$20 million was spent on the restoration of Nikon at Jones Beach Theater in Wantagh, N.Y.
Nikon at Jones Beach Theater in Wantagh, N.Y., is famous for its view of Zach’s Bay — concert goers enjoy a breathtaking view of the Long Island state park known for its pristine beaches and sun drenched boaters.
But when Superstorm Sandy struck the New York City area last October, the 61-year-old theater was severely damaged by millions of gallons of water from the surrounding bay. Floods ripped apart the Theater’s infrastructure, leaving one of New York City’s two outdoor amphitheaters in need of $20 million in repairs.
The destruction from the storm created a rare opportunity for Alan Ostfield, president of North American Concerts North Atlantic Region for Live Nation, which manages the facility. Not only would Ostfield repair the destruction caused by Hurricane Sandy, he would redesign entire sections of the amphitheater to make it a better fan experience.
“When we first approached this project, we essentially asked ourselves — now that we have the chance to do it over again, what changes should we make to the venue, based on our own experiences running the amphitheater?”
And everything was done without missing a single show — part of an unprecedented collaboration between Live Nation, the New York State Parks Department, insurer Zurich and architects EwingCole.
“It would be impossible for a project of this scope and under this kind of time frame to succeed without the intense collaborative effort between all of the companies and government agencies involved,” Live Nation Architect John Ahrens said. “It shows how much can be accomplished if everyone involved shares the same vision.”
DESTRUCTION AND DEVASTATION
When Hurricane Sandy slammed into Nikon at Jones Beach Theater, it brought with it hundreds of tons of debris and 3 million gallons of seawater.
“The seats were completely covered in water,” Ostfield said. “There was a boardwalk that was moved. There was a whole VIP area that was turned into a swimming pool. We had a box office that was turned into a pool. It was hard to see.”
Debris at Jones Beach Theater following Superstorm Sandy.
The process of fixing up the theater began only days after the storm. Live Nation called their risk management, operations and top architect to the state-owned venue to assess the damage. New York State reportedly fast-tracked the operation.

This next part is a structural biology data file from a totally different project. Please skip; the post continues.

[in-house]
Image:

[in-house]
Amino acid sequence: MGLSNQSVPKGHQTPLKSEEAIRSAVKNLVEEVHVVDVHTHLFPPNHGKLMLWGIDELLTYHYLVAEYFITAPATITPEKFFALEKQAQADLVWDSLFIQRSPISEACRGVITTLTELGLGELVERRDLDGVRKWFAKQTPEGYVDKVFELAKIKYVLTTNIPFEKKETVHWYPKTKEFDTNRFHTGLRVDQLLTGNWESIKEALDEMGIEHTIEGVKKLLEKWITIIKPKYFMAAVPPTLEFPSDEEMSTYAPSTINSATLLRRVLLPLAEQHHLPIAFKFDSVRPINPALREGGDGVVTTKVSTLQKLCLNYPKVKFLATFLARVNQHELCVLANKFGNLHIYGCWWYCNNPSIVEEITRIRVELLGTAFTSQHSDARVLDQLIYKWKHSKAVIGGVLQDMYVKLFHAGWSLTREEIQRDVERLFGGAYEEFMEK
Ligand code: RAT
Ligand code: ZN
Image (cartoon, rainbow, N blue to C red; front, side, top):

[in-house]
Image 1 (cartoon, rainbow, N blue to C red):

After crews cleared the water and debris, they finally began reshaping Jones Beach Theater. More than 9 miles of special MCM cable had to be replaced, over 200 main-level doors were replaced and much of the infrastructure was redesigned in an attempt to prevent future damage.
“It was common sense stuff,” Ostfield said. “There’s a huge electrical box that’s the center of the electrical function of the whole venue. It was completely ruined because it was on the first floor. Now it’s on the second floor. We did a lot of things that nobody is going to notice except for us and our insurance company.”
REBUILDING AFTER THE STORM
When the Jones Beach Theater opened in 1952, it was one of the only venues in the country where the stage was separated from the audience by a water-filled moat. The stage itself was actually located in Zach’s Bay and actors and performers would be brought to the stage via boat — some musicals even used additional floating scenery and, during intermission, The Guy Lombardo Orchestra would pass through the moat on a yacht and play tunes while floating in front of the audience.
In 1991, the moat was covered and filled in to make room for more seats. In 1998, the shed was expanded to its current size of 15,000 seats. When Sandy hit, Ostfield said his first priority was to upgrade the artist green rooms, which hadn’t been tweaked in 15 years.
“Jones Beach is a gorgeous place because of its setting, but backstage was old,” Ostfield said. “We had this opportunity to completely redo it. So now we have this catering area backstage that has a huge bay window. It’s the nicest place to get catering in America. We just took advantage of things like that.”
Ostfield also built new concessions stands with upgraded technology, expanded the VIP area by one-third, added new orchestra seating that can partly be removed for a pit area in front of the stage and upgraded the backstage area.
Construction projects took every last minute before opening day with teams still working up until the week of the Rascal Flatts show.
When Rascal Flatts finally took the stage on May 31, Ostfield said he got choked up seeing the theater full again.
“To see the work that went on to put it back together in a better way, to see thousands of people there having a great time like they were was a special experience,” he said.
Live Nation reported having created 225 jobs for local workers, contractors, vendors and union laborers in Nassau County during the rebuild, many of whom lived in the areas hardest hit by Sandy.
Ostfield said last year was the best for Jones Beach Theater since 2002, so Live Nation could not afford to scale back booking and lose momentum.
“You can imagine the questions we were getting in November and December,” he said. “They were saying, ‘why are you booking us in June? You won’t be open in June.’”
There are 33 concerts on the schedule this summer. Rascal Flatts was followed the next day by rap artist Pitbull and pop star Ke$ha. Throughout the summer, acts from many different genres will take the stage including rapper Lil Wayne, folk rock legend Bob Dylan and rock-reggae combo 311.
Interviewed for this story: Alan Ostfield and John Ahrens, (917) 421-4000